ITALY AND THERENAISSANCE The Birth of Venus, Botticelli (1485)
What was the Renaissance? • The term means “rebirth” – in this case, the term refers to a revival of art and learning. • The Renaissance originated in Northern Italy and then spread throughout Europe.
Why Italy? • Italy had 3 advantages that made it the birthplace of the Renaissance. • 1. thriving cities • 2. a wealthy merchant class • 3. the classical heritage of Greece and Rome.
City-States • Overseas trade led to the growth of many large city-states in Northern Italy, making this part of the country predominately urban. • The bubonic plague caused labor shortages which pushed up wages. With few opportunities to expand business, merchants began to pursue art.
Merchants • A wealthy merchant class developed in each Italian city-state. • In Florence, a powerful banking family called the Medici came to power.
Cosimo de Medici Dictator of Florence, 1434-1464.
Lorenzo de Medici Followed his grandfather as ruler of Florence.
Heritage of Greece & Rome • 1. Artists drew inspiration from the ruins of ancient Rome. • 2. Scholars studied ancient Latin manuscripts. • 3. Greek manuscripts were also in Rome after being relocated from Constantinople.
Renaissance Values • Humanism: an intellectual movement that focused on human potential and achievements. • Represented a move away from the exclusively Christian values of the Medieval era.
Renaissance Values (cont’d) • Secularism: a focus on the worldly rather than the spiritual and concerned with the here and now. • Led to an emphasis on worldly pleasure, such as material luxuries, music and food.
Renaissance Values (cont’d) • The Renaissance Man: • All educated people were expected to master almost every area of study, such as dancing, music, art, poetry, horseback riding, wrestling, the classics, etc.
Renaissance Values (cont’d) • The Renaissance Woman: • Well-educated but non-political. • Expected to inspire rather than create art.
Renaissance Art • Renaissance art involved stylistic change. • 1. Emphasized realism. • 2. More of a secular focus, utilizing Greek and Roman rather than spiritual subjects. • 3. Used perspective, or 3-D painting.
Michelangelo • Painter, sculptor, architect and poet. • Most famous for the way he portrayed the human body as influenced by classical art.
Leonardo da Vinci • Painter, sculptor, inventor and scientist. • Ergo, often considered the quintessential Renaissance man.
Renaissance Literature • Writers produced works that were secular as well as religious. • Writers began to use vernacular languages to express their ideas. This refers to their native language, rather than Latin. • Writers focused on the individuality of their subjects.
Dante • Wrote The Divine Comedy. • Widely considered the central epic poem of Italian literature, the first great work of the Renaissance and one of the greatest works of world literature. • Tells the story of visiting hell from the first person.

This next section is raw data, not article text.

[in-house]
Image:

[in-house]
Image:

Petrarch • One of the earliest and most influential humanists. • Great poet known for writing sonnets (or 14 line poems) to an unknown woman named Laura.
Machiavelli • Most famous for writing The Prince. • This book gives advice on how a ruler can gain and maintain power. • Argues that most people are selfish and corrupt. • Focuses on what was effective rather than moral; advocated lying if effective.
Printing Spreads Ideas • The Chinese first used block printing and the Europeans would expand on this • This process worked, but too slow to keep up with the demand for ideas • About 1440 Johann Gutenberg invented a printing press with movable type • Books could now be made fast and cheap • The fist book printed was the Gutenberg Bible
Before the press 5 months to copy a book by hand • After the press 5 months to print 500 books
Review: Humanism • What are the main characteristics of humanism? • Affirmed the worth of the human. • Emphasized the self and individuality. • Valued the secular rather than the spiritual. • Optimistic about the potential for social improvement.
The Northern Renaissance • Merchants, artists, scholars came to Italy from northern Europe and were impressed with what they saw from the Italian Renaissance • As a result, the northern Renaissance developed its own character, mainly realism
Albrecht Dürer German Known for woodcarvings and engravings
Pieter Bruegel and Jan van Eyck • Flemish painters (from Netherlands) • Van Eyck used oil-based paints to show layers and subtlety (i.e. jewels) • Bruegel showed scenes from everyday peasant life (Peasant Wedding)
Northern Writers: Christian Humanists • Critical of the Church and wanted to reform society • Erasmus (Netherlands) and Thomas More (England) are two best examples • Erasmus’ The Praise of Folly • More’s Utopia
Legacy of the Renaissance • Marked a break in religious focus of Middle Ages • Belief that the individual played a role in the rise of democratic beliefs • Arts: writers (vernacular) and painters (realism and secularism) • Society: learning and rise in literacy • Church’s power declines and monarchs’ rises • Paved the way for nation states